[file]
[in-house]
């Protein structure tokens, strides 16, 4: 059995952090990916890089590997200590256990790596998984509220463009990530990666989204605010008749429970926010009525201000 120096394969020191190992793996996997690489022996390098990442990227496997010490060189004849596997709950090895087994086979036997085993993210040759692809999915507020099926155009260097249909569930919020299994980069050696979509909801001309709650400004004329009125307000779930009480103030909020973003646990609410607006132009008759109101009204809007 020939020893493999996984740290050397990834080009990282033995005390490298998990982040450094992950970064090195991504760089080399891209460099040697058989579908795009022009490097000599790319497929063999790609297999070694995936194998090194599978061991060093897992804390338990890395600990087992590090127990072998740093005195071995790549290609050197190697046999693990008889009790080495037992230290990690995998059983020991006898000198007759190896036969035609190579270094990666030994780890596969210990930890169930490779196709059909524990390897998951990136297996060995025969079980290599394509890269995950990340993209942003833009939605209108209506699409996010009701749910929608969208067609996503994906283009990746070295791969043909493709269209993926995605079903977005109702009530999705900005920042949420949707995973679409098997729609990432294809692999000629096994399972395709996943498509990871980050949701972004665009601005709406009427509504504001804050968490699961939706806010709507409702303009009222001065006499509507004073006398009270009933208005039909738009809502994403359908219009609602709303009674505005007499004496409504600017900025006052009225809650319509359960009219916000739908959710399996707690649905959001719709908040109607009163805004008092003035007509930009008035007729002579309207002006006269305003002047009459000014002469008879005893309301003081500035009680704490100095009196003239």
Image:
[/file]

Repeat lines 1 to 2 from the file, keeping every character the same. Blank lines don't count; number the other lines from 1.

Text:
[in-house]
């Protein structure tokens, strides 16, 4: 059995952090990916890089590997200590256990790596998984509220463009990530990666989204605010008749429970926010009525201000 120096394969020191190992793996996997690489022996390098990442990227496997010490060189004849596997709950090895087994086979036997085993993210040759692809999915507020099926155009260097249909569930919020299994980069050696979509909801001309709650400004004329009125307000779930009480103030909020973003646990609410607006132009008759109101009204809007 020939020893493999996984740290050397990834080009990282033995005390490298998990982040450094992950970064090195991504760089080399891209460099040697058989579908795009022009490097000599790319497929063999790609297999070694995936194998090194599978061991060093897992804390338990890395600990087992590090127990072998740093005195071995790549290609050197190697046999693990008889009790080495037992230290990690995998059983020991006898000198007759190896036969035609190579270094990666030994780890596969210990930890169930490779196709059909524990390897998951990136297996060995025969079980290599394509890269995950990340993209942003833009939605209108209506699409996010009701749910929608969208067609996503994906283009990746070295791969043909493709269209993926995605079903977005109702009530999705900005920042949420949707995973679409098997729609990432294809692999000629096994399972395709996943498509990871980050949701972004665009601005709406009427509504504001804050968490699961939706806010709507409702303009009222001065006499509507004073006398009270009933208005039909738009809502994403359908219009609602709303009674505005007499004496409504600017900025006052009225809650319509359960009219916000739908959710399996707690649905959001719709908040109607009163805004008092003035007509930009008035007729002579309207002006006269305003002047009459000014002469008879005893309301003081500035009680704490100095009196003239």